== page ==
Fieldset
This picture shows more than just footprints...

On a wall in an MSF hospital in Bangladesh, a simple artwork celebrates hope as healthy children are discharged from the intensive care unit

Footprints from children treated at Goyalmara hospital in Bangladesh

This picture shows more than just footprints. It signifies future hope, maybe even miracles, and definitely the performance of MSF.

In all my 25 years of humanitarian work, never had I seen such a clear indication, an innocent representation, of the success and difference we can make to the lives of sick children in a challenging situation.

It is simple and honest:

Each footprint represents a healthy child leaving our neonatal intensive care ward in Goyalmara, Bangladesh.

Celebrating the impossible

It does not represent any religion, or financial or political hierarchy, not even the refugee or “host population” here at the heart of the Rohingya refugee crisis.

It shows to everyone who comes here that we cherish the survivors

It is just a child’s foot, dipped in paint and placed on the wall as they leave the intensive care unit, now healthy.

What could be more innocent and yet more powerful?

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Footprints on the wall of the intensive care unit at Goyalmara, Bangladesh
Footprints on the wall of the intensive care unit at Goyalmara, Bangladesh

The idea was from a young Canadian nurse who wanted to visualise, for both the staff and the mothers of the sick children in the ward, that there are true successes – times we could all celebrate that the seemingly impossible is sometimes possible.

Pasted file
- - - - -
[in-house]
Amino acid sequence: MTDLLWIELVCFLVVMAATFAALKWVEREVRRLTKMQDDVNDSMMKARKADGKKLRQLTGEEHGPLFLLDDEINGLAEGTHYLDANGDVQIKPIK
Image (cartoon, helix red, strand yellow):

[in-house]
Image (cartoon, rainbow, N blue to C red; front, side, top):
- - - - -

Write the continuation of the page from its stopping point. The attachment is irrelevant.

It shows to everyone who comes here that we cherish the survivors.

Devotion and dignity

I am not naïve. I know that we did not manage to save every child in the ward, unfortunately.

Every child was treated with the same devotion, care and professionalism. However, some were beyond our reach and passed in a dignified and poignant way. 

This is a sad admission of our limitations, but also a realisation that we tried our best and gave care and dignity in a place where those values were sometimes missing.

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An MSF medical team sits with a mother and her two-month-old son in Goyalmara hospital
An MSF medical team sits with a mother and her two-month-old son in Goyalmara hospital

So, this is not about any county, politics, finances, or environment, this is only to recognise the great work we do at MSF – enabling a sick child’s recovery and helping them take their first step into their new world.

In 1969, humanity made its first footprint on the Moon. At MSF, every day we help a child make their first footprint on Earth.

Their first confident mark on this world.

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Read more: Stories from the Rohingya refugee crisis

“People are suspended in time”: Two years on from the Rohingya refugee crisis

“The love for your child is good”: Mental health and the Rohingya crisis